In fact, British Prime Minister David Cameron and French President Nicolas Sarkozy last month signed a joint declaration of cooperation on nuclear power. France already gets 75% of its power from nuclear plants.
And while other countries like Germany have decided to purge themselves of nuclear power, their boycott will have only a limited effect.
The IAEA says that an accelerated phase-out of nuclear power in Germany, a government review of the planned expansion in Japan, and temporary delays elsewhere in the world will result in only a 7%-8% drop in projected demand growth for 2030.
Meanwhile, global usage of nuclear energy will rise 35%-100% by then.
That's good news for the long-term prices of both uranium and uranium mining stocks.
Cameco Corp. (NYSE: CCJ) and Uranium Energy Corp. (AMEX: UEC)
"Fukushima or no Fukushima, the world energy situation remains unchanged," Cameco CEO Tim Gitzel told the Canadian Press. "Huge quantities of huge, reliable and affordable electricity will be needed to meet future demand."
Since the 1980s, global electricity consumption has tripled and is expected to more than double again over the next two decades. Nearly two billion out of the world's seven billion inhabitants don't currently have access to electricity, Gitzel said.
"More reactors means more demand for uranium," he said.
Cameco intends to double its uranium production by 2018. And earlier this month the company agreed to buy AREVA SA's 27.94% stake in the Millennium project - a uranium mine in Canada's Athabasca Basin. That will increase Cameco's interest in the mine to 69.9%.
Cameco stock traded in the low-$40s prior to Fukushima and the mid-$50s when uranium prices peaked in 2007. So at its current level of about $23 a share, it looks like a bargain.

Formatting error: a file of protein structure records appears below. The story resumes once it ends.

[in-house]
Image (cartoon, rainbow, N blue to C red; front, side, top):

Another uranium miner trading at a steep discount is Uranium Energy Corp. Like Cameco, UEC is still 50% below its pre-Fukushima level even after an impressive surge to start the year.
UEC is the first company to start a new uranium mine in the United States in nearly six years. The Corpus Christi-based UEC aims to reach an initial production rate of 1 million pounds per year. Its processing plant in South Texas has the capacity to process up to three times that amount, which could nearly double what U.S. production is today.
Incidentally, U.S. regulators just approved the first new nuclear power station in more than 30 years - just as 15%-20% of the U.S. oil supply chain is being threatened by political disruptions in Iran.
Nuclear plants already produce about 20% of U.S. energy. In terms of uranium consumed by utilities, that translates into 55 million pounds of uranium per year. Currently, however, uranium mining in the U.S. only provides about 3.5 million-4 million pounds per year.
Both UEC and the Saskatoon-based Cameco will be prime beneficiaries of a nuclear revival. They're also major holdings in the Global X Uranium ETF.
Jason Simpkins is managing editor of Money Morning.